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Pentecost 10A Sermon
Matthew 14: 22-33
August 13, 2017

 

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May the grace, mercy and peace of God our father be with us, in the name of his son, our risen Lord and Savior, Jesus Christ; Amen.

I think it is amazing how I can read the same passage of scripture, study it, prepare a sermon based on it every three years or so, and a different emphasis or even a flat-out different meaning can surface each time. As I studied our gospel lesson for this morning – the rather well-known story of Jesus walking on water toward the boat filled with disciples, being battered by the waves and wind on the lake – I almost feel compelled to take the first part of my sermon this morning and apologize for the messages that I shared these past few times I preached on this text.

Don’t get me wrong – at the time there must have been things going on in my life, the congregation’s life or the nation and world that influenced the way I heard the word, that made it come alive in a particular way. I remember talking about how the disciples – especially Peter – Just don’t get it, and how Jesus always has to clean up their messes. I’ve encouraged congregations to, “keep your eyes on Jesus” especially when everything around you is in chaos. We’ve all admired Peter for even having the courage to step out of the safety of the boat and take that first step on the lake, while the other disciples just sit there quivering. And we’ve all heard stories about how Jesus is right there to grab us when we are sinking, at the right time to save us. Now, those are all really good messages … and as I said, must have spoken to us vividly in the context of those days. The Holy Spirit uses God’s word in different ways for different circumstances. But the Holy Spirit is really speaking to me differently today through this passage, and I think it is a powerful message that we – and the world – needs to hear.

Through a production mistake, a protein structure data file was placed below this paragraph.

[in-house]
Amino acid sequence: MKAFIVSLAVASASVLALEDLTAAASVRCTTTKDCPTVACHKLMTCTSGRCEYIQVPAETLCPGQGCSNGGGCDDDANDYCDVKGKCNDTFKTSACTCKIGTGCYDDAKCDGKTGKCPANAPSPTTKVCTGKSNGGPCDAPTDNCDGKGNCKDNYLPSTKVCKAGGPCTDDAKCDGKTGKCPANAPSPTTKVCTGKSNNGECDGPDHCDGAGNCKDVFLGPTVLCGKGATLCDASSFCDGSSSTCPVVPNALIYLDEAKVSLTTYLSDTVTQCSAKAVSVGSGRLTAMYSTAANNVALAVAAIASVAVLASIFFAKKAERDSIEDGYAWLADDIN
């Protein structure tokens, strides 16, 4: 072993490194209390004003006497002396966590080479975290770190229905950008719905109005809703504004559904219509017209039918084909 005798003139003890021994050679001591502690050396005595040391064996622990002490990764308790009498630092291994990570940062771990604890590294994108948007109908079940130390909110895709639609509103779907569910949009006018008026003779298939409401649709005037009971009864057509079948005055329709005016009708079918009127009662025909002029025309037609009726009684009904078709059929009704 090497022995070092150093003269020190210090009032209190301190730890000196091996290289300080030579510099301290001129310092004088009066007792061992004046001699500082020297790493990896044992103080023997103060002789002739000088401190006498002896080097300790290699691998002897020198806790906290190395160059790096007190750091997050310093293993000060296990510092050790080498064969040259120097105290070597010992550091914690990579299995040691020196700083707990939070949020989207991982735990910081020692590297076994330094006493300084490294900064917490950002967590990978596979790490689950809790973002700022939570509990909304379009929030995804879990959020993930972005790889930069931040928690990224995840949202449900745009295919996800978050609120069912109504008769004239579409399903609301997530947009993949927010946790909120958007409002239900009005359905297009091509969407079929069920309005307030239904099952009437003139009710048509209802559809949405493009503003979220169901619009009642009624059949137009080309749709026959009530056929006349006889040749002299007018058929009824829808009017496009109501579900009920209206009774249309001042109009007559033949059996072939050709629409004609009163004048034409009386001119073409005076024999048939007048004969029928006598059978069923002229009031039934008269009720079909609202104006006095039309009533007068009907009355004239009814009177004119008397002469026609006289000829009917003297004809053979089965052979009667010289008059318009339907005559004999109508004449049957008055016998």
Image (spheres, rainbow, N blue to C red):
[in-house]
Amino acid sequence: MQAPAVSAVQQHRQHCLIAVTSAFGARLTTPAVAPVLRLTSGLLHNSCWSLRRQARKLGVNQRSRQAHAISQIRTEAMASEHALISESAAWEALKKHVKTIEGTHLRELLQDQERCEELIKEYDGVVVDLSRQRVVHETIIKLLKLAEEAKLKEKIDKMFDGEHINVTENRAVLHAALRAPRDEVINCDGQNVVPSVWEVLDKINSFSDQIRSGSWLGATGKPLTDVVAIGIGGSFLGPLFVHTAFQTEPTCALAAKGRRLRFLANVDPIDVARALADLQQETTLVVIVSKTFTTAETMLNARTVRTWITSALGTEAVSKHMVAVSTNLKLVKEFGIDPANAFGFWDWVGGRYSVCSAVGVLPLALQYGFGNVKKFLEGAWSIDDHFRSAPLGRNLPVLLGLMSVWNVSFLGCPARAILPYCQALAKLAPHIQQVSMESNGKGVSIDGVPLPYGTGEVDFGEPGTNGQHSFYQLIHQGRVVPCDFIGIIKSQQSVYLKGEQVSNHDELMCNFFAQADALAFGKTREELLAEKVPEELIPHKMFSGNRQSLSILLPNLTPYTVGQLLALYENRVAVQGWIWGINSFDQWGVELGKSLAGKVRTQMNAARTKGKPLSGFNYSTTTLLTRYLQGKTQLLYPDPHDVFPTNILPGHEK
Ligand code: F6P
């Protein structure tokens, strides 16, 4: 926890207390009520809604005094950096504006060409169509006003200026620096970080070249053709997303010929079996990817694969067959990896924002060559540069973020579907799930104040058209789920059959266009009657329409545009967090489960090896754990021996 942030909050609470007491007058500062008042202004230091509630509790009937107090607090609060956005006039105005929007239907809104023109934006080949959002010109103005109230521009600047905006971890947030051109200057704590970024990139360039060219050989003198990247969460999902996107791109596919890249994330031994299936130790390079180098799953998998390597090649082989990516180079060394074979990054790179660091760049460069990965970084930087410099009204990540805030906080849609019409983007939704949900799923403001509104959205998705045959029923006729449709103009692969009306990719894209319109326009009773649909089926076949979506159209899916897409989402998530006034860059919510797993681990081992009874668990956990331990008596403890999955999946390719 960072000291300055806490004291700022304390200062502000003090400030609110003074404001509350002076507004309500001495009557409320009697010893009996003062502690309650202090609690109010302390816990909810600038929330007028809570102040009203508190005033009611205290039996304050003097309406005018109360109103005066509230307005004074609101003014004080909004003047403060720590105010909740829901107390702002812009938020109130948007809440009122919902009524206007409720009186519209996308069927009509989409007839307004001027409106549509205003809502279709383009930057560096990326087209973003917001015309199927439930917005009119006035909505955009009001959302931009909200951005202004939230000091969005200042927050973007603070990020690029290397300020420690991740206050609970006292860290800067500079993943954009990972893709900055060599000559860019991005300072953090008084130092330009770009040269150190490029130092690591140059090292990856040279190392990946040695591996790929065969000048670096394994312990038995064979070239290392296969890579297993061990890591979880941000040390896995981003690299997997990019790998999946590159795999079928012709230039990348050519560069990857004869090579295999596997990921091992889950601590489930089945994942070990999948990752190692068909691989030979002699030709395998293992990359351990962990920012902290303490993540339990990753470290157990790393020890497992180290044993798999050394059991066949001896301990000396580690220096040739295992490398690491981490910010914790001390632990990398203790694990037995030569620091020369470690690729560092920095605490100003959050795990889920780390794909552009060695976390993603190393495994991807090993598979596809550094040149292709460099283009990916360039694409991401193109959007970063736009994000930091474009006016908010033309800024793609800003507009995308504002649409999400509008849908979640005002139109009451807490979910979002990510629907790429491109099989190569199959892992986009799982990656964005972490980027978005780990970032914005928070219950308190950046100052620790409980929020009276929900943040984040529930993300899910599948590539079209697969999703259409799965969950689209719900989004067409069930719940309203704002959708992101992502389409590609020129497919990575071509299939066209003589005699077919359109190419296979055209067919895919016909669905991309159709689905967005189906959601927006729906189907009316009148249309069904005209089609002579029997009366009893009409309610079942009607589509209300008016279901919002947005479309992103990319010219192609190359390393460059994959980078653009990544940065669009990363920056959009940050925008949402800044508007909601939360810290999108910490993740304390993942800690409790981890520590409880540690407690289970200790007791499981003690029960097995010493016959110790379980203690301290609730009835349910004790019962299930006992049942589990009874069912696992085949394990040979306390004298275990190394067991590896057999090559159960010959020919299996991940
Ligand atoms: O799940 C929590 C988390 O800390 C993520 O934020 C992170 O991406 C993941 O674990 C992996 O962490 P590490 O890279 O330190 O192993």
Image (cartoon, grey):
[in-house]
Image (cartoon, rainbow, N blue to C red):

What those earlier messages failed to say much about is the miracle that happens in the first place. Jesus breaks the laws of science and nature and walks on top of a windy, wavy lake of water! Pat, I know you pretty much have your research set for this year in England, but when you get your next sabbatical in 7 years or so, maybe you can delve into how a grown human being could possibly remain atop of a body of water like this!! It seems impossible to me! That’s your topic for the next sabbatical.

My point is, at the heart of this story is the notion that Jesus, having taken some time to pray on a mountain by himself, now needs to get to his church; he needs to get to his followers who are in a boat, in a storm on the lake – frightened and wondering how they are going to survive. In one of those episodes that can only be explained by saying that Jesus is fully divine, he walks out to meet them where they are, in the midst of their fear and wondering and chaos. Whether you hear it symbolically or literally, it is a story of the extravagant love and devotion that God has for all of us, especially when we are in the midst of chaos.

Here is the message of love and grace to us today – that Jesus does all that he must do to meet us in these circumstances. Nothing will get in his way as he promised, and a few weeks ago we heard Paul basically tell the Romans the same thing when he said that nothing can separate us from the love of God in Christ Jesus – not death, life, angels, rulers, things present, things to come, powers, height, depth, not anything else in all creation. Not even a raging storm with hundreds of yards of open water between Jesus and the wind beaten boat filled with his disciples. Not even whatever it is that is causing chaos in your life right now to the extent that you wonder if you are going to survive. That is the promise of this one who is fully divine and fully human – that knowing what it is to suffer in life, he is present with us whenever we need peace and healing. Even on the sea, the Biblical symbol of chaos and danger, Jesus will not be kept away from us.